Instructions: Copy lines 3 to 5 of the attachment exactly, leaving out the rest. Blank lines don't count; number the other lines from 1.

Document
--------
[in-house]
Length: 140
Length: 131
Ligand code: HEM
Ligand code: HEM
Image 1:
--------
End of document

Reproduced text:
Length: 131
Ligand code: HEM
Ligand code: HEM